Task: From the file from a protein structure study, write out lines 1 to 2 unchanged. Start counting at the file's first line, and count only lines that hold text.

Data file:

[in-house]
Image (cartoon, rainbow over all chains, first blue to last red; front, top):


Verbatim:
[in-house]
Image (cartoon, rainbow over all chains, first blue to last red; front, top):